Eyeing Epigenetics: New Advances on How Environment Affects Genes

Camille Mojica Rey, Ph.D., Contributing Editor

January 30, 2019

While most molecular studies of disease continue to focus on mutational analysis, epigenetics—the science of how genes are regulated and impacted by their environment over time—is gaining in importance. And, with the advent of better, faster, cheaper technology, epigenetic testing is starting to make its way into the clinic. “The field of clinical epigenetics is expanding rapidly, especially in cancer,” said Bodour Salhia, M.D., assistant professor of translational genomics at the Keck School of Medicine at the University of Southern California. “The reasons for this include advances in technology and a buy-in to the importance and relevance of the use of epigenetic markers to track diseases.” Another reason for the growing popularity of pre-clinical epigenetics research is the fact that mutational analyses have given inconsistent results. “Genetics has not borne the fruit of predicting disease,” said Zachary Kaminsky, Ph.D., DIFD Mach Gaensslen Chair in Suicide Prevention Research at The Royal’s Institute of Mental Health Research, affiliated with the University of Ottawa. “Epigenetics has potential because it lies at the interface of genes and the environment.” Epigenetic researchers hope this will give them more power to predict risk, diagnose, and potentially treat complex diseases, from cancer and cardiovascular disease to psychiatric disorders.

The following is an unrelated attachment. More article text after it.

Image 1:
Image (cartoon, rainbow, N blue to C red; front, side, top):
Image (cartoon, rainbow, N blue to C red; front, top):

Several tests that utilize epigenetic markers are already in use in the clinic. For example, a test for SNPRN methylation is used to diagnose Prader-Willi and Angelman syndromes—inherited disorders of the chromosome in neurological, behavioral, and developmental symptoms. In cancer, the FDA-approved Epi proColon and Cologuard tests are used in colorectal cancer screening. Epi proColon detects a hypermethylated promoter region of the SEPT9 gene in cell-free DNA (cfDNA) and Cologuard measures aberrantly methylated BMP3 and NDRG4 promoter regions in a stool sample. But, there are many more markers being studied for future use in the clinic, either alone or in combination with other tests.

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